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BBC’s Ten Pieces for Education Carefully Examined

In a new commitment to music education, the BBC has put together a presentation featuring ten pieces of classical music that every school child should hear. Not just a “Top Ten” list of all time greats, this list reaches across the whole spectrum of time and space in symphonic music. Let’s examine it…

1. Short Ride in a Fast Machine by John Adams

A good, solid opener – an exercise in excitement, and an instruction in what happens if a burst of movement is allowed to simply move forward.

2. Symphony No.5 Op.67: Allegro con brio by Ludwig van Beethoven

Aside from being one of the most recognizable pieces of music in any genre, this movement is a great teacher of the power of motives – never before had a single motive – those first four notes of the work – dominated the whole of a work like this before.

3. ‘Storm’ interlude from Peter Grimes by Benjamin Britten

In the same vein as ‘Short Ride,’ this work tries to evoke an experience, and does so with some pretty powerful effects – right from the beginning, you can hear the waves tossing this way and that.

4. In the Hall of the Mountain King, from Peer Gynt by Edvard Grieg

This work is instructive in its use of instrumentation – most sections in the orchestra get a moment with the tune, so it makes for a nice and easy guide to the orchestra.

5. Zadok the Priest by Georg Frederic Handel

Our only work featuring the human voice! This is also an opportunity to learn just how universal music is – the initial buildup to the entrance of the choir is similar to ‘Short Ride’ in that it starts simply enough, but builds that simple opening idea up to a great hight.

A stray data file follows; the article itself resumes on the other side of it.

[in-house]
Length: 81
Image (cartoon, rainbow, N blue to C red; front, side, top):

6. Mars, from The Planets by Gustav Holst

Iconic because of its asymmetrical rhythm (the most important beat comes every fifth beat) which evokes Wartime themes. Ever since then, composers have often gone to the idiom used here when depicting conflict.

7. Connect It by Anna Meredith

I can’t provide a YouTube link to this one because it was commissioned for this project, which makes it the most exciting inclusion on this list. By commissioning a brand new work – and by a woman no less – the BBC is making a statement to the children of the UK that classical music is much more than just music by dead white men, but that it is a living, breathing language that must continue to be nurtured.

8. Horn Concerto No.4 Rondo: Allegro vivace K.495 by Wolfgang Amadeus Mozart

The Rondo form was one of the most popular classical forms, and was used regularly by Beethoven, Mozart, and others to provide a nice jaunty ending to their concertos and other light concert music. Additionally, this is the only work on the list which sounds in a compound meter – it can be counted either in two or in six.

9. A Night on the Bare Mountain by Modest Mussorgsky

Another evocative quasi-tone poem, this time depicting a witches’ Sabbath. Lots of memorable themes here.

10. The Firebird Suite Finale by Igor Stravinsky

Another iconic work which has become a benchmark of music that came after it. Like other works on this list, it takes a single, simple idea, and takes it to great hights.

 

This list is very light on absolute music, and focuses more on less abstract music that tries to depict a specific, non-musical idea. There are only two works of absolute music here – the Mozart and the Beethoven – and even the Beethoven is absolute music in name only, as it is heavy with autobiographical themes. Also noticeably absent here are any chamber music works, and very few vocal works; this education project is less about “classical” music, and more about orchestral music. Actually, most of the music here is romantic, and for the big romantic symphony orchestra. There are some redundancies here too – Mussorgsky, Holst, and Grieg all sound similar enough. When one thinks of the styles that were left on the cutting room floor – Debussy, Wagner, Schumann, Mendelssohn, Strauss – one wonders why all three of the above were deemed necessary. Still, this is a good effort, and there is a lot to like here.

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